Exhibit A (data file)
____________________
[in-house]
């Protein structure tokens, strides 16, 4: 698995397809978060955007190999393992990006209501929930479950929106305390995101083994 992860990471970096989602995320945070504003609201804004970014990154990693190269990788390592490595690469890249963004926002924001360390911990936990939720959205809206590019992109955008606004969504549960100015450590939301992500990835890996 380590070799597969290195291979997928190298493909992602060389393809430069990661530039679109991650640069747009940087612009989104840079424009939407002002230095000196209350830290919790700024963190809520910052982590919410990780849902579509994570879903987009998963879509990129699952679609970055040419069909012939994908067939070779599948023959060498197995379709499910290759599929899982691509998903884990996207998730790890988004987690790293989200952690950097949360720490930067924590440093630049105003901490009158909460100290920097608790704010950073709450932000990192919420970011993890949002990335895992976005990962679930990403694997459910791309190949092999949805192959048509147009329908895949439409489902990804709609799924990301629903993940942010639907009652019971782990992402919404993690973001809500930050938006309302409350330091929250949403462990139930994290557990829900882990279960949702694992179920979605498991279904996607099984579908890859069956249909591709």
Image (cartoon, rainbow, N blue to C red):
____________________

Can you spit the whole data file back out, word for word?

[in-house]
């Protein structure tokens, strides 16, 4: 698995397809978060955007190999393992990006209501929930479950929106305390995101083994 992860990471970096989602995320945070504003609201804004970014990154990693190269990788390592490595690469890249963004926002924001360390911990936990939720959205809206590019992109955008606004969504549960100015450590939301992500990835890996 380590070799597969290195291979997928190298493909992602060389393809430069990661530039679109991650640069747009940087612009989104840079424009939407002002230095000196209350830290919790700024963190809520910052982590919410990780849902579509994570879903987009998963879509990129699952679609970055040419069909012939994908067939070779599948023959060498197995379709499910290759599929899982691509998903884990996207998730790890988004987690790293989200952690950097949360720490930067924590440093630049105003901490009158909460100290920097608790704010950073709450932000990192919420970011993890949002990335895992976005990962679930990403694997459910791309190949092999949805192959048509147009329908895949439409489902990804709609799924990301629903993940942010639907009652019971782990992402919404993690973001809500930050938006309302409350330091929250949403462990139930994290557990829900882990279960949702694992179920979605498991279904996607099984579908890859069956249909591709």
Image (cartoon, rainbow, N blue to C red):